Section 8(a)(3)(B) of the OCS Lands Act (OCSLA), 43 U.S.C. 1337(a)(3)(B) (as added by section 302(2) of the Deep Water Royalty Relief Act of 1995, Pub. L. No. 104-58, 109 Stat. 563, 565), provides in relevant part:

In the Western and Central Planning Areas of the Gulf of Mexico * * * the Secretary may, in order to—

(i) Promote development or increased production on producing or non-producing leases; or

(ii) Encourage production of marginal resources on producing or non-producing leases;

Through primary, secondary, or tertiary recovery means, reduce or eliminate any royalty or net profit share set forth in the lease(s). * * *

The Secretary of the Interior has delegated the authority to the MMS Director to exercise the royalty relief authority granted under the statute.

By this notice, the DOI eliminates the royalty on gas produced between March 1 and May 2, 2004, from wells drilled on or after March 26, 2003, with a perforated interval the top of which is at least 15,000 feet TVD SS. This notice corrects the problem created by the agency's oversight regarding the January final rule's effective date, and corrects the negative effects of the lessees' reliance on the incentives provided for in the January final rule to promote development and production. This notice is published under the authority provided in 43 U.S.C. 1337(a)(3)(B). The relief granted by this notice will fulfill both the lessees' and MMS's expectations regarding the amount of royalty relief to which lessees would be entitled and for what period of time under the January final rule, and it corrects the inequity to the lessees that otherwise would result from MMS's error.

This relief is very limited. It applies to only a very few leases and the unusual circumstances originating with MMS's error that delayed the beginning of the royalty relief for these deep wells provided in the January final rule.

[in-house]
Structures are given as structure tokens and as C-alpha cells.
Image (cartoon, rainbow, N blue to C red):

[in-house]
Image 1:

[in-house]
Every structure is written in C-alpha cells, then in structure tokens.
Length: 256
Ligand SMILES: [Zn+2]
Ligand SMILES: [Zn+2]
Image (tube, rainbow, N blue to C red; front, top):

This action protects the integrity of an MMS commitment to OCS operators who acted in good faith on a deep drilling incentive. It avoids penalizing, because of an administrative error, those operators who acted expeditiously on the incentive. Such a penalty would be inconsistent with an incentive whose principal purpose is to accelerate deep drilling.

Because this royalty relief is granted outside the January final rule, the volume of production on which a lessee will not pay royalties as a result of this notice does not count against the royalty suspension volume for the lease under the January final rule (see 30 CFR 203.41). MMS acknowledges that the result of this notice is to grant lessees an additional 2 months of royalty relief above the level to which they were entitled in the January final rule, assuming that production levels prove to be high enough to equal or exceed the total royalty suspension volume provided for under the January final rule and this notice. However, MMS believes that this result is the most fair and equitable to the lessees in light of the purposes of the statutory grant of royalty relief authority and the fact that the problems are the fault of the government, not the lessees.

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Dated: April 26, 2004.

R.M. “Johnnie” Burton,

Director, Minerals Management Service.

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[FR Doc. 04-9861 Filed 4-29-04; 8:45 am]